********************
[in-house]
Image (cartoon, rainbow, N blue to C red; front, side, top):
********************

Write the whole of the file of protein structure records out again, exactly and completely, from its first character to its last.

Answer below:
[in-house]
Image (cartoon, rainbow, N blue to C red; front, side, top):